This article was provided by the Ontario Mining Association (OMA), an organization that was established in 1920 to represent the mining industry of the province.
With reduced mineral demand and commodity prices at the forefront of business news, the Ontario budget to be tabled next Thursday will want to look at the competitiveness of Ontario’s mining industry. Temporary dips in prices are an expected part of the cyclical nature of mining. However, policy and program stability and continuity from the provincial government can go a long way to ensuring the industry continues to thrive.
Government support for mining in this way seems to be working. The province continues to attract the largest share of mineral exploration investment dollars in Canada, employment is rising and new projects are under development. Yet, it cannot be stated often enough that the prices for Ontario’s mineral commodities are set in international markets. Miners are price takers. They cannot raise the prices of the goods they sell, so they must put a lot of energy into cost control.
A tremendous amount of upfront capital and long-term planning are required in mine expansions and new development. These decisions require confidence that the government places a priority on mining and that governmental actions will be consistent. Now is the time for the government to stay the course with regards to cost pressures affecting the mining sector.
The Ontario Mining Tax is a profit-based royalty paid by mineral producers. The mining tax is applied in addition to all corporate taxes, payroll taxes, sales taxes, permitting fees and other business taxes. In 2011, revenues to the three levels of government from the mining industry in Ontario exceeded $1 billion.
These figures do not include income and payroll taxes paid by mining employees, which would conservatively amount to more than a half-billion dollars annually. These revenues go toward supporting health care, education, transportation and other public priorities. Mining not only provides the materials needed to construct infrastructure and technology, it pays for them too.
Tax contributions by the Ontario mining sector generally amount to approximately 3.4% of total Ontario business tax revenues, which is almost double the industry’s GDP share of about 1.8%. Also, jurisdictions with higher mining tax rates generally have lower hydro costs and the governments cost share on infrastructure. In Ontario, we pay one of the highest rates in North America for electricity, and mining companies cost share capital for necessary infrastructure.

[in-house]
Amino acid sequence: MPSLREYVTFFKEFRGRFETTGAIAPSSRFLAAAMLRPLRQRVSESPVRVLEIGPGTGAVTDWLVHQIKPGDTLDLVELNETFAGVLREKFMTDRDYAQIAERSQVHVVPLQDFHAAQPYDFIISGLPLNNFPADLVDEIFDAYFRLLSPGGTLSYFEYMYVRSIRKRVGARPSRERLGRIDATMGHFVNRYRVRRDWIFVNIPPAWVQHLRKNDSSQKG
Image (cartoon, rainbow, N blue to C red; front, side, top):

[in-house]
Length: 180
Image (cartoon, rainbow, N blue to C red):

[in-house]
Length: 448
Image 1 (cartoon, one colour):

As Ontario Finance Minister Charles Sousa wrestles with the province’s strapped financial situation, he knows mining is a pillar of strength in the mix of the economy. “Since 2002, the overall international goods trade deficit for the province has more than quadrupled,” according to “Mining: Dynamic and Dependable for Ontario’s Future,” which was written by University of Toronto economists Peter Dungan and Steve Murphy. “The trade surplus for Ontario mineral products has strengthened to more than $12 billion, remaining positive over the entire period.”
“The Ontario economy continues its slow recovery from the biggest world economic downturn since the Great Depression,” said the economic study noted above. “Ontario’s manufacturing sector is struggling to regain lost ground, beset by a strong Canadian dollar and weak recovery in the United States. But with the natural resource commodities that the world wants and if it maintains an atmosphere conducive to investment, Ontario will continue to be pulled ahead by a strong mineral industry.”
The mining industry in Ontario remains optimistic that the contents of the next Ontario budget will be supportive of this valuable sector contributing to the economy and society of Ontario and not impair its competitiveness in the global marketplace. Mining remains well positioned to partner with the Ontario government in its efforts to create jobs, grow the economy and increase government revenues. So far, Ontario Premier Kathleen Wynne is taking the advice of Northerners and staying the course on mining tax in order to help grow the economy.
Earlier this week, OMA President Chris Hodgson sent a letter to the editor of The Toronto Star in response to an article on the Ontario Mining Tax.